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Big data and NoSQL databases

Big data and NoSQL databases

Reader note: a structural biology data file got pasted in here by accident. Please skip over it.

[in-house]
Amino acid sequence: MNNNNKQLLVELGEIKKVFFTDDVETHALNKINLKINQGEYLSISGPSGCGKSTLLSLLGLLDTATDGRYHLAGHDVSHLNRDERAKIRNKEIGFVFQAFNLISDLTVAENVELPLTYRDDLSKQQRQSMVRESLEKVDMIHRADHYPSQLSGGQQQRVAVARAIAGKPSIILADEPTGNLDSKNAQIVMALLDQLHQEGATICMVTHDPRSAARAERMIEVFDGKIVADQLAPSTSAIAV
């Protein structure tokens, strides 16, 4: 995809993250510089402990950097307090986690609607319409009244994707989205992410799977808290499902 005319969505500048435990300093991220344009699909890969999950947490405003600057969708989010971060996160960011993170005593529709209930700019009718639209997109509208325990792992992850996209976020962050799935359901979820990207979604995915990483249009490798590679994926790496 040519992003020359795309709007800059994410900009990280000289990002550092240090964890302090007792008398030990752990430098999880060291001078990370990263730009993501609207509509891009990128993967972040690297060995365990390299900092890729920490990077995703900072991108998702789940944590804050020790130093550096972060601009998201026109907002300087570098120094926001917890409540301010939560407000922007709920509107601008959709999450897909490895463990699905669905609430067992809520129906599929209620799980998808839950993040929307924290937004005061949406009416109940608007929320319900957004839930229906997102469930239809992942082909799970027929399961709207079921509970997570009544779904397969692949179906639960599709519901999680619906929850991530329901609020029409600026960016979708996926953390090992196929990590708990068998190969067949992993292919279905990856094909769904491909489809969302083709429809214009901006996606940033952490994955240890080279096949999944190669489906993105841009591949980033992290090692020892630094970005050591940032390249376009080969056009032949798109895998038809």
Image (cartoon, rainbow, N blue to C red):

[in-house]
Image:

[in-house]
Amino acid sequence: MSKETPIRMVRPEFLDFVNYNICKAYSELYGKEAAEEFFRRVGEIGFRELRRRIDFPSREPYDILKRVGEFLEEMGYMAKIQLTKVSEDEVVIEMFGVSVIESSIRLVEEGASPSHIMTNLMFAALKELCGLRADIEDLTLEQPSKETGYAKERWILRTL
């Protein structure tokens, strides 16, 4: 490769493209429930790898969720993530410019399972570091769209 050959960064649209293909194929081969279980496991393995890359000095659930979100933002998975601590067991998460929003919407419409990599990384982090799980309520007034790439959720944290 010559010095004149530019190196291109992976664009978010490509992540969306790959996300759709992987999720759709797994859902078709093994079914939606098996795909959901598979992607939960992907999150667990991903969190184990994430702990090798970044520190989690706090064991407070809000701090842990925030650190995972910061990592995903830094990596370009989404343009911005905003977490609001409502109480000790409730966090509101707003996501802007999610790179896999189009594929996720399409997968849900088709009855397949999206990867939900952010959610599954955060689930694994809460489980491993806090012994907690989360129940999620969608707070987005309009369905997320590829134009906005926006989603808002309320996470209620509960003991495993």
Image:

Big data and NoSQL databases Seminar on big data management Lecturer: Jiaheng Lu Spring 2016 www.helsinki.fi 25.1.2016 1Information on preparing Presentation and Report Goals for presentation and report are different: 1. Presentation: Let the audience to understand your topic; 2. Report: Show your own critical thinking and new ideas. www.helsinki.fiContents of Presentation (Length: 3540 minutes) • 1. Introduction: please make a clear introduction • 1.1 Why you are interested in this topic: what kind of problems do you hope to solve • 1.2 How had the problem been studied before • 1.3 What is the application of this problem for big data • • 2. Related works: • 2.1 Make sure you leave sufficient time to present all related prior work. Do not assume that the audience knows the prior work, • 2.2 Present it on an intuitive level. • Matemaattisluonnontieteellinen tiedekunta / Iso tiedonhallinta/ www.helsinki.fi 25.1.2016 3 Jiaheng LuContents of Presentation (Cont.) • • 3 Main algorithms and contributions • 3.1 Show the main solutions of the paper(s). • 3.2 Present it with examples. The examples are quite important for understanding. • • 4. Your own comments and conclusion • 4.1 Present your own comments about the paper(s) • 4.2 It would be very good to identify the weak points of the paper(s) after your critical thinking. • Matemaattisluonnontieteellinen tiedekunta / Iso tiedonhallinta/ www.helsinki.fi 25.1.2016 4 Jiaheng LuContents of Report (68 pages, Single column) • 1. What are the research problems • 2. What are the strengths of the paper(s) • 3. What are the main weaknesses of the paper(s) • 4. If you were to solve this problem, what would you do • 5. Why do you like/dislike the paper(s) • 6. Conclusion and summary of your report. Matemaattisluonnontieteellinen tiedekunta / Iso tiedonhallinta/ www.helsinki.fi 25.1.2016 5 Jiaheng LuOpponent • Carefully listen to the presentation • Ask questions after the presentation • Complete an opponent assessment form and submit it to the teacher after the presentation Matemaattisluonnontieteellinen tiedekunta / Iso tiedonhallinta/ www.helsinki.fi 25.1.2016 6 Jiaheng Lu• Big data and NoSQL databases Matemaattisluonnontieteellinen tiedekunta / Iso tiedonhallinta/ www.helsinki.fi 25.1.2016 7 Jiaheng LuData storage and history Before1950s Data was stored as paper records Lot of time was wasted. e.g. when searching. Therefore inefficient. www.helsinki.fiMagnetic tapes and hard disk • 1950s and early 1960s: Data processing using magnetic tapes for storage • Late 1960s and 1970s: Hard disks allow direct access to data • • Data stored in files Matemaattisluonnontieteellinen tiedekunta / Iso tiedonhallinta/ www.helsinki.fi 25.1.2016 9 Jiaheng LuDrawbacks of file system • Each program has its own data format • Programs are written in different languages, and so cannot easily access each other’s files. • Any new requirement needs a new program Matemaattisluonnontieteellinen tiedekunta / Iso tiedonhallinta/ www.helsinki.fi 25.1.2016 10 Jiaheng LuDatabase Approach • 1960’s Network databases • 1970’s Relational databases • 1990’s Objectoriented and objectrelational • 1995+ XML, Mobile, GeoDB, Embedded DB • 2005+ NoSQL DB, NewSQL DB Matemaattisluonnontieteellinen tiedekunta / Iso tiedonhallinta/ www.helsinki.fi 25.1.2016 11 Jiaheng LuHistory of databases: Turing awards 1973 Charles W. Bachman 1981 Edgar F. Codd 1998 Jim Gray 2014 Michael Stonebraker www.helsinki.fi 12History of databases: Turing awards Objectrelational model, column stores,…Modern databases Distributed databases and transaction Relational databases Network databases 2014 Michael Stonebraker 1998 Jim Gray 1981 Edgar F. Codd 1973 Charles W. Bachman www.helsinki.fi 13Network Model Physical file pointers are used to model the relations between files Most suitable for large databases with welldefined queries and welldefined applications Matemaattisluonnontieteellinen tiedekunta / Iso tiedonhallinta/ www.helsinki.fi 25.1.2016 14 Jiaheng LuRelational model • E. F Codd introduced the relational model in 1970 Matemaattisluonnontieteellinen tiedekunta / Iso tiedonhallinta/ www.helsinki.fi 25.1.2016 15 Jiaheng LuRelational model • Support relational algebra and operations • Data and program are separated • Improved data sharing and better integration • DB2, Oracle and SQL server are the most prominent commercial DBMS products Matemaattisluonnontieteellinen tiedekunta / Iso tiedonhallinta/ www.helsinki.fi 25.1.2016 16 Jiaheng LuObject oriented data model (1990’s) • The purpose of OODBMS is to store objectoriented programming objects in a database without having to transform them into relational format Matemaattisluonnontieteellinen tiedekunta / Iso tiedonhallinta/ www.helsinki.fi 25.1.2016 17 Jiaheng LuObjectrelational model • Extend the relational data model by including object orientation • Allow attributes of tuples to have complex types, including nonatomic values such as nested relations Matemaattisluonnontieteellinen tiedekunta / Iso tiedonhallinta/ www.helsinki.fi 25.1.2016 18 Jiaheng LuBig Data Challenge www.helsinki.fi5V’s of big data • Volume ‒TB  PB  EB • Variety ‒ Text, audio, video • Velocity ‒ Real time Operational / Analytic Applications • Value ‒ Extract Value from big data, complex Analytics • Veracity ‒ Biases, noise and abnormality in data. www.helsinki.fiLimitation for relational databases(1) • Different Types of Data: Data Variety www.helsinki.fiLimitation for relational databases(2) • What are Big Analytics • Not only simple “group by” aggregation,But also ‒ Machine leaning, artificial intelligence ‒ Data mining、natural language processing ‒ Social network analysis and search ‒…… www.helsinki.fiWhat are Big Analytics • Aster Data works on Graph www.helsinki.fiLimitation for relational databases(3) • Design for relational data, but not suitable for ‒ Graph data,Geospatial data,unstructured data • Limited Scalability ‒ No RDBMS has been deployed onto a cluster of more than 1000 nodes • Separation of Data Storage and Data Analytics ‒ Data migration ‒ Difficulty for parallel ‒…… www.helsinki.fiLimitation for relational databases(4) • Extending relational database • Relational table sharding ‒ Depending on the program ‒ Data size increase, need resharding • Denormalization for relational table to improve the performance ‒ Increase more redundancy data ‒ Increase the cost to maintain data consistence Relational databases cannot solve those challenges. We need new types of databases www.helsinki.fiNoSQL databases Matemaattisluonnontieteellinen tiedekunta / Iso tiedonhallinta/ www.helsinki.fi 25.1.2016 26 Jiaheng LuNoSQL DEFINITION: • Next Generation Databases mostly addressing some of the points: being nonrelational, distributed, open source and horizontally scalable • NonSQL or Not only SQL • Watch a video about NoSQL from Jens Dittrich: • Say No No and No CIDR 2013 Matemaattisluonnontieteellinen tiedekunta / Iso tiedonhallinta/ www.helsinki.fi 25.1.2016 27 Jiaheng LuTypes and examples of NoSQL databases Types Examples Column Accumulo, Cassandra, Druid, HBase, Vertica Document HyperDex, Lotus Notes, MarkLogic, MongoDB, OrientDB, Qizx, RethinkDB Keyvalue: Aerospike, CouchDB, Dynamo, FairCom ctreeACE, FoundationDB, HyperDex, MemcacheDB, MUMPS, Oracle NoSQL databases Graph Allegro, InfiniteGraph, MarkLogic, Neo4J, OrientDB, Virtuoso, Stardog Multimodel Alchemy Database, ArangoDB, CortexDB, FoundationDB, MarkLogic, OrientDB Matemaattisluonnontieteellinen tiedekunta / Iso tiedonhallinta/ www.helsinki.fi 25.1.2016 28 Jiaheng LuColumn stores • A columnoriented DBMS is a database management system (DBMS) that stores data tables as sections of columns of data rather than as rows of data. • This columnoriented DBMS has advantages for data warehouses, clinical data analysis, customer relationship management (CRM) systems, and library card catalogs, and other ad hoc inquiry systems Matemaattisluonnontieteellinen tiedekunta / Iso tiedonhallinta/ www.helsinki.fi 25.1.2016 29 Jiaheng LuExample of column stores RowId EmpId Name Age 1 123 Anna 34 2 456 Mikko 30 3 789 Emilia 44 Roworiented storage: 1:123,Anna,34; 2:456,Mikko,30;3:789,Emilia,44 Columnoriented storage: 123:1,456:2,789:3; Anna:1, Mikko:2,Emilia:3;34:1,30:2,44:3 Matemaattisluonnontieteellinen tiedekunta / Iso tiedonhallinta/ www.helsinki.fi 25.1.2016 30 Jiaheng LuKeyvalue stores • Keyvalue (KV) stores use the associative array as their fundamental data model. • In this model, data is represented as a collection of keyvalue pairs, such that each possible key appears at most once in the collection. www.helsinki.fi 25.1.2016 31 Matemaattisluonnontieteellinen tiedekunta / Henkilön nimi / Esityksen nimiExample of Keyvalue stores RowId EmpId Name Age 1 123 Anna 34 2 456 Mikko 30 3 789 Emilia 44 1: (123,Anna,34); 2: (2,456,Mikko,30); 3: (789,Emilia,44) Matemaattisluonnontieteellinen tiedekunta / Iso tiedonhallinta/ www.helsinki.fi 25.1.2016 32 Jiaheng LuInsertion of a column and a record in Keyvalue stores RowId EmpId Name Age Salary 1 123 Anna 34 2 456 Mikko 30 3 789 Emilia 44 4 147 Joha 28 3000 1: (123,Anna,34); 2: (2,456,Mikko,30); 3: (789,Emilia,44); 4: (147,Joha,28,3000) Matemaattisluonnontieteellinen tiedekunta / Iso tiedonhallinta/ www.helsinki.fi 25.1.2016 33 Jiaheng LuDocument store • The central concept of a document store is the notion of a "document". • Encodings in use include XML, YAML, and JSON as well as binary forms like BSON. • Documents are addressed in the database via a unique key that represents that document. Matemaattisluonnontieteellinen tiedekunta / Iso tiedonhallinta/ www.helsinki.fi 25.1.2016 34 Jiaheng LuExample of document store XML: contact University of Helsinki company Universtiy of Helsinki /company Yliopistonkatu 4, address Yliopistonkatu 4 /address 00100 Helsinki cityHelsinki/city Finland zip 00100 /zip countryFinland/country /contact JSON: “contact": “company": "Universtiy of Helsinki", " address ": " Yliopistonkatu 4 ", “city": " Helsinki ", “zip": "00100“, “country”:”Finland” , Matemaattisluonnontieteellinen tiedekunta / Iso tiedonhallinta/ www.helsinki.fi 25.1.2016 35 Jiaheng LuGraph stores • Designed for graph data • Applications: social relations, public transport links, road maps or network topologies, etc. Matemaattisluonnontieteellinen tiedekunta / Iso tiedonhallinta/ www.helsinki.fi 25.1.2016 36 Jiaheng LuMultimodel stores • Support multiple data models against a single, integrated backend: Document, graph, relational, and keyvalue models are examples of data models Database Keyvalue SQL Document Graph Object Transacti on OrientDB Yes Yes Yes Yes Yes Full ACID, even distributed CouchDB Yes Yes Yes No Yes Marklogic Yes Yes Yes Yes No Full ACID Matemaattisluonnontieteellinen tiedekunta / Iso tiedonhallinta/ www.helsinki.fi 25.1.2016 37 Jiaheng LuSummary • Relational databases is very successful to manage table and relational data, but it has limitations for managing big data. • NOSQL databases is a general term, which includes five types of data stores. • NOSQL database are starting to gain market traction Matemaattisluonnontieteellinen tiedekunta / Iso tiedonhallinta/ www.helsinki.fi 25.1.2016 38 Jiaheng Lu